Vernon Reid on Spectrum Road

“Vernon Reid is my favorite guitar player. I try to get him in my bands whenever I can,” enthuses renowned bassist, singer, and composer Jack Bruce.

“Vernon Reid is my favorite guitar player. I try to get him in my bands whenever I can,” enthuses renowned bassist, singer, and composer Jack Bruce. These are pretty heavy words when you consider all the exalted ax men—Eric Clapton, John McLaughlin, and Mick Taylor among them—Bruce has worked with over the years. Of course music is not a competition, but the fact Reid’s playing resonates so deeply with a legend like Bruce is a substantial endorsement.

Most guitarists first became aware of Reid through Living Colour, a New York City-based quartet whose game-changing 1988 release Vivid was an incendiary mix of rock, funk, metal, and rap. Especially intriguing were Reid’s rapid-fire solos, which channeled the blues, and sometimes quoted bebop grammar, but quite regularly careened off in the direction of free jazz. Despite several successful follow- up albums, Grammy awards, multi-platinum sales, festival-headliner status, and a bona-fide rock anthem in the song “Cult of Personality,” Living Colour disbanded in 1995. (The band reformed in 2003, and is planning a new CD and tour for 2013.) During the downtime, Reid’s creative spirit and major cred within the musical community led to a series of other projects such as the eclectic solo offering Mistaken Identity, turns at film scoring (Paid in Full, Mr. 3000), Grammynominated production work (Salif Keita, James “Blood” Ulmer), and myriad collaborations that included recording and touring with Bruce.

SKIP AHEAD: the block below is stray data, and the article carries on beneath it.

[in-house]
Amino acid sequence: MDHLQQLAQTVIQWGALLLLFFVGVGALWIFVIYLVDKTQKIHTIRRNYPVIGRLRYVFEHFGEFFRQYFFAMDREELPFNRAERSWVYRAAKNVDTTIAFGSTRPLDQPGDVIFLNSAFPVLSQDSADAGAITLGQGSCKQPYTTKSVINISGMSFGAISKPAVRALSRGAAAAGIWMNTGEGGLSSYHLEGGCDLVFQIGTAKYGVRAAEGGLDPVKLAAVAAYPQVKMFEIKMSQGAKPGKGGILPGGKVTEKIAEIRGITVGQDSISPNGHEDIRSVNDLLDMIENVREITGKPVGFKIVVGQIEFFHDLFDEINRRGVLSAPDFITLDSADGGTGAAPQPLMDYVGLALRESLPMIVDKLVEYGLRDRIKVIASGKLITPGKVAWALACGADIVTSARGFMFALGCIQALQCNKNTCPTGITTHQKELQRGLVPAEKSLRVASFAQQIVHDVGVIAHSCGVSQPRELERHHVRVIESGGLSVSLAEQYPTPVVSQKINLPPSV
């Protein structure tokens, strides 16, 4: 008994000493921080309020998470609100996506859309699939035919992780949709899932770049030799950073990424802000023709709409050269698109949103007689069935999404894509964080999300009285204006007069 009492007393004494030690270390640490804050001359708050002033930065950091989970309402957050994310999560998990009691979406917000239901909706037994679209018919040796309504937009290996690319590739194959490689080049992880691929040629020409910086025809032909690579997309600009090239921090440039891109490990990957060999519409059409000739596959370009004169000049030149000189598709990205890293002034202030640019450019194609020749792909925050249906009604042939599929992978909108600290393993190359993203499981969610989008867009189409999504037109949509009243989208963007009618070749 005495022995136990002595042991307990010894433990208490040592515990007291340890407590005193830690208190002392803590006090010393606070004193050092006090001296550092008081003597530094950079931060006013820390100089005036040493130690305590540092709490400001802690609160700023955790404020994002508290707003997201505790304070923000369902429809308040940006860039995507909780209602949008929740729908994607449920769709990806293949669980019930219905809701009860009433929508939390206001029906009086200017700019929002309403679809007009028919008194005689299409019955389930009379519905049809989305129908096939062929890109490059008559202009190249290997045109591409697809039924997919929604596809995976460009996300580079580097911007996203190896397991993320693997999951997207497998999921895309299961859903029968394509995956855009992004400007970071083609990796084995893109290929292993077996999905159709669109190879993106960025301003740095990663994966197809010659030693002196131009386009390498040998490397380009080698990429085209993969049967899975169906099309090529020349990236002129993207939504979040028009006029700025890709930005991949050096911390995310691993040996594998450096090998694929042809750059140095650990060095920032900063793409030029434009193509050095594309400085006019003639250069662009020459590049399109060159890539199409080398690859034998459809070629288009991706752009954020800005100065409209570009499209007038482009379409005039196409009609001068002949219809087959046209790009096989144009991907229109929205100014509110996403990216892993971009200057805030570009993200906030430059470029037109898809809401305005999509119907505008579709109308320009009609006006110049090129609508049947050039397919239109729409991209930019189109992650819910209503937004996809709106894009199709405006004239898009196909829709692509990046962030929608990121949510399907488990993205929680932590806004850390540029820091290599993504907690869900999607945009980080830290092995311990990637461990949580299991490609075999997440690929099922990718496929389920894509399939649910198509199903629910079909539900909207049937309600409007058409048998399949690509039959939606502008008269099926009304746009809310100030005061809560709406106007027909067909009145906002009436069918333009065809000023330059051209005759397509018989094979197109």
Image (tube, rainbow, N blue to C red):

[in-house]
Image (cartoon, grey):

Building on a shared love of the fusion music of drummer Tony Williams’ seminal ensemble Lifetime, Reid and Bruce formed the Tony Williams Lifetime Tribute Band with drummer Cindy Blackman-Santana and keyboardist John Medeski for a series of concerts in Japan in 2008. Bruce—who had toured and recorded with the original Tony Williams Lifetime for a stint in the early ’70s after leaving Cream— became the de facto curator of the legacy, continuing the ensemble as Spectrum Road. The band has since recorded Spectrum Road [Palmetto], which mixes reworkings of Tony Williams tunes from multiple eras alongside two new compositions.

How did you first get involved with Jack Bruce and Spectrum Road?